4. I don’t see any reason why an animal homed through Craigslist is less likely to go to a good home! My only beef with Craigslist has more to do with the people that post in the pet section, not the adopters. You have to sift through droves of obvious backyard breeders looking to “adopt out” 6-week-old puppies for “only $400 each”. Yeah . . . No.

    I occasionally post ads for the cat rescue I volunteer with’s adoption events on Craigslist. I try to do fun things like writing it from a cat’s point of view, and I include pictures of the cats doing interesting things to make the event look fun.

    I also re-homed a pair of rabbits on Craigslist several years ago. It was an unfortunate situation in which I could have kept them, technically, but I was moving to a place where they would have to be kept in a little cage, or a hutch in the yard, and that’s not very good for them. Keeping them would have been selfish. The arrangement I made through Craigslist was mutually beneficial to me, the bunnies, and the new owner. She wanted a bonded, sterilized pair, but no rescue would consider her because her house was “too far” to drive for a home check. She sounded amazing to me! I’m sure my rabbits are very happy with her, and I’m glad we were able to orchestrate it online.

    1. Agreed about the annoing ads from the BYB, sometimes “adopting out” 5 week old ones. Here in Santa Barbara county our CL is pretty clean, people flag right away. But Los Angeles? Whoa!

      1. Lindsay Stordahl

        Ugh, I agree. Those ads are frustrating. Some innocent people looking for a dog may not understand how sketchy those ads are, either. San Diego’s CL has quite a few “rescue puppies” for $500.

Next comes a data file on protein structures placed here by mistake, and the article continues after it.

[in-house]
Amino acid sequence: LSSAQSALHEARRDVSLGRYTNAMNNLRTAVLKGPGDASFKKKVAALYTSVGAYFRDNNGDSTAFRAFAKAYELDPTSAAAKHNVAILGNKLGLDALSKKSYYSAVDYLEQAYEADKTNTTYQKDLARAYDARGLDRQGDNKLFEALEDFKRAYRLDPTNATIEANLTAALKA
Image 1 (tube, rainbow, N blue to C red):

5. My pup that was on the Guess That Mutt a little earlier this month is a Craigslist Puppy! He’s a Pit Mix and the owners at the time were very cautious of who their dog was going to. We usually texted a lot more than you would think! We talked about how we both loved the show Pitbulls and Parolees, how I’ve always wanted a pit and other stuff that had to do with the amazing pibble. After this, she was SO happy that her pup was going to a loving home and she could tell before she even met me! She even ended up knocking down his rehoming fee from about 150 to 75 because she liked me so much! I was soo happy. He was the cutest little baby and my very first, own dog. The one thing she could have done maybe, would be to do a home check. I understand where she was coming from, she trusted me, and she knew he was going to a good home. But, there are fake people out there who will act just like that and then the dog could be put in a not so happy home. The only bad thing about my pup, Jazz, was how skinny he was. You could totally see his ribs, they had said they dewormed him, but about three days after having him home he had worms really really bad! 🙁 Luckily we got him dewormer from the vet fifteen minutes within his worms coming out and now he is a big, muscular, fit, handsome 60 pounds at least! The only other bad thing that happened with these people is that they wanted him back after about two and a half weeks. I was so devastated! I couldn’t believe that after I had taken care of him with bad worms, trained him in all sorts of ways, loved him, played with him, cleaned up after him, cared for him and everything!! They had the nerve to ask for him back because they made the wrong choice and wanted to give me his sister instead and even give me my money back! I said no way, Jose! I’m sorry but you should have thought about it longer before you decided to post your pup online.. You don’t just go and say oh here but we’ll give you a different cute puppy to make up for it! That really pissed me off. And, in the end they ended up giving the female away, too! But, other than that.. I like the pet ads, for the most part! 🙂